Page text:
The beautifully atmospheric “Thinking in Ways” features fine orchestration, precise yet intricate drumming by Simasek and subject matter which may refer to a prepaid funeral? This followed by a trio of catchy, pop-oriented tunes, “Which One of You”, “Little Hell” and “Middle of the Busiest Road”. Feltenberger’s “34 Winters” is another beautiful but melancholy song with Jeff providing some fantastic vocal trade-offs between himself and Palladino. After Alexander’s interesting but odd instrumental “Cellarbird & Zither” comes the darkly inspirational “Running Up That Hill” and the catchy “Love All”. The album concludes with three interesting tracks, the Beatle-influenced “Silly Little Man” with great drums and guitars, the mechanical and quirky “The Second Coming of Chris”, and stripped-down acoustic ballad, “A Little Faith”, a nice break on this otherwise richly produced album.

With the album that the band had prepared for and worked on for nearly half a decade finally released in August 1999, the Badlees were once again disappointed when Ark 21 was unable to help promote the record nationally. The label soon declared bankruptcy and the group returned to their roots as an independent band as they continued off and on for the next decade and a half.

~

1999 images

Part of Classic Rock Review’s celebration of the 20th anniversary of 1999 albums.

 

Supernatural by Santana

Buy Supernatural

Supernatural by SantanaThe amazing thing about Supernatural is how popular and commercially successful it became in spite of its plethora of styles, multiple lead vocalists and bi-lingual lyrical content. Released in 1999, this was the eighteenth studio album by Santana, the Latin-style rock project led by guitarist Carlos Santana.  It was, by far, Santana’s biggest commercial success, selling about 30 million copies worldwide and topping the album charts in eleven countries, including a total of twelve weeks at #1 in the US.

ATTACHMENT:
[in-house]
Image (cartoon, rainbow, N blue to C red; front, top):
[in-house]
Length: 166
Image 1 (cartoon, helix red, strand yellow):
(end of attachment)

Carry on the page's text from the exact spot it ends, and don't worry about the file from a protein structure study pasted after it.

By the time of Supernatural‘s production, Santana already had a career that spanned over thirty years, commencing in the mid sixties with spurts of innovation, commercial success, experimentation, decline and hiatus. In 1991, Santana’s record deal with Columbia Records came to an end and subsequent albums on the Polydor/Island labels did not fare well commercially. However, Carlos Santana’s involvement in a 1995 documentary about executive and Arista Records founder Clive Davis (who was at Columbia when Santana was first signed in 1969), led to a deal with Arista.

Supernatural was forged with a desire to produce more radio friendly songs and its sound is a blend of elements that combine “vintage Santana” with contemporary influences from several genres. Along with the plethora of guest performing artists, the twelve original album tracks were put together by a total of thirteen co-producers.


Supernatural by Santana
Released: June 15, 1999 (Arista)
Produced by: Carlos Santana, Clive Davis, Jerry Duplessis, The Dust Brothers, Alex González, Charles Goodan, Lauryn Hill, Art Hodge, Wyclef Jean, K.C. Porter, Dante Ross, Matt Serletic & Stephen Harris
Recorded: Fantasy Studios, Berkeley, CA, 1999
Track Listing Primary Musicians
(Da Le) Yaleo
Love of My Life
Put Your Lights On
Africa Bamba
Smooth
Do You Like the Way
Maria Maria
Migra
Corazón Espinado
Wishing It Was
Primavera
The Calling
Carlos Santana – Guitars, Percussion, Vocals
Ross Childress – Guitars, Vocals
Chester D. Thompson – Keyboards
Benny Rietveld – Bass
Rodney Holmes – Drums

 
Supernatural by Santana